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Food app Ritual is sharing users' precise workplace information

And because it doesn't check whether you actually work at a location, random strangers can access the data.
Swapna Krishna, @skrishna
March 16, 2018
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Ritual is a "social ordering" app that allows users to place an order for a meal and have it ready for pickup at a local restaurant. That's not new, but what Ritual allows is for other users to add their own food orders, or "piggyback", onto the order already in place. That way one person can head to the restaurant and bring back all the office's orders at once. Sounds fine, right?

Well, there's a huge problem with all this, as Twitter user Caitlin Tran (@caitlinsays_) pointed out. People can join any company on Ritual without any sort of verification and see which floor people work on. And the default settings of the app have users sharing the address of their office and the floor on which they work, as well as sending push alerts about where they're heading to pick up a meal.

We wanted to test it out for ourselves, so Deputy Managing Editor Nathan Ingraham signed up for Ritual and joined the Department of Justice. He then told the app that he worked on the ninth floor of the Chicago office. He was then able to see the first initials and last names of other people who worked in the building and which floor they worked on. This is, of course, limited to people who have downloaded the app, but for secure workplaces, it's absolutely a terrible breach of privacy.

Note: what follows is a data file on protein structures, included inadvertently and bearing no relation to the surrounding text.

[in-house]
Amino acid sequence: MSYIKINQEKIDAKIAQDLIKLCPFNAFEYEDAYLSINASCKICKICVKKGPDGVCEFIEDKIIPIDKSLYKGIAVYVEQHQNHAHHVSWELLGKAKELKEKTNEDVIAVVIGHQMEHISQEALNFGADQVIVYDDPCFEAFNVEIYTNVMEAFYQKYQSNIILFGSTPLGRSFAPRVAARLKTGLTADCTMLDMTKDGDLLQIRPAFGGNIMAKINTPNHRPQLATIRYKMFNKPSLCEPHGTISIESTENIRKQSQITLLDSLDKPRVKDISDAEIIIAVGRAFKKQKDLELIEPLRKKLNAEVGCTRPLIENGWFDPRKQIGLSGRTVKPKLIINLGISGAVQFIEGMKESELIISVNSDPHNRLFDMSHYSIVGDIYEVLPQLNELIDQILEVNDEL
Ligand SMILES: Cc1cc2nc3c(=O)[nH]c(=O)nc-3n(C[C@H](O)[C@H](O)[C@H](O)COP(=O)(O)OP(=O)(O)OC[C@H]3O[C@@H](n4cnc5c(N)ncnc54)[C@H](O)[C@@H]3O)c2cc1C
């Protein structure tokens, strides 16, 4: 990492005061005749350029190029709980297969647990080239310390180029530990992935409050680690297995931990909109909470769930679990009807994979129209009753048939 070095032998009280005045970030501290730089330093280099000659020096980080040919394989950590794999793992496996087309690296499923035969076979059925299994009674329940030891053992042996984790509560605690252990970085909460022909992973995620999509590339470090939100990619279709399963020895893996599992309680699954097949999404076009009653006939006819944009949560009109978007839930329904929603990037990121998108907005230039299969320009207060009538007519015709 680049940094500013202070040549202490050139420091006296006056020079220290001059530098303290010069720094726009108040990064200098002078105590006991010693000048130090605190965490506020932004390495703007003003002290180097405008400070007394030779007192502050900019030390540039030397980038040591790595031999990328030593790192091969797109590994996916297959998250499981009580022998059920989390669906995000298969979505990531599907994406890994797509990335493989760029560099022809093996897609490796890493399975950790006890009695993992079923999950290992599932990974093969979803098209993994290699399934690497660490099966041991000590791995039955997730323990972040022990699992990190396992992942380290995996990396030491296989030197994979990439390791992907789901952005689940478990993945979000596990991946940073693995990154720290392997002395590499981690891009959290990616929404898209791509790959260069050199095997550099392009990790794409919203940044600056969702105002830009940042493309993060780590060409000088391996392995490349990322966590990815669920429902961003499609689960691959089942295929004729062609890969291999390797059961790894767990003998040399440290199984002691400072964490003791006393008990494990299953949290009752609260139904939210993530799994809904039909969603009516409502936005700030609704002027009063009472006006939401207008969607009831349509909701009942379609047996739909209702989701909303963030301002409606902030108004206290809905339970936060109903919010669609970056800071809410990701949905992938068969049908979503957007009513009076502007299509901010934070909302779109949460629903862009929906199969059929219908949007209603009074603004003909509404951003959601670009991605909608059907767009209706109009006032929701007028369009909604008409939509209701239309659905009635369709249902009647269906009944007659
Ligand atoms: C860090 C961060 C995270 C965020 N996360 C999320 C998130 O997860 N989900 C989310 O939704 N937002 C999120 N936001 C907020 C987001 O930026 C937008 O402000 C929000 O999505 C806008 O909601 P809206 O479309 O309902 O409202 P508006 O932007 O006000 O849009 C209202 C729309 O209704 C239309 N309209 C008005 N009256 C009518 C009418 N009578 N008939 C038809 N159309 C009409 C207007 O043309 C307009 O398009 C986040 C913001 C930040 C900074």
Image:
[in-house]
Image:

Tran points out that you can sign up for Ritual and see office locations for employees at the Department of Homeland Security, Lockheed Martin, the Pentagon and more. It's important to note that while Ritual doesn't force users into the "Teams" feature, it's a vital part of the app experience. While the idea behind Ritual makes sense, it's shocking that there aren't better privacy controls and data sharing options -- users can't hide their location from other people, and with no verification to confirm you work in a building, there's rampant potential here for abuse.

In this article: privacy, ritual, security
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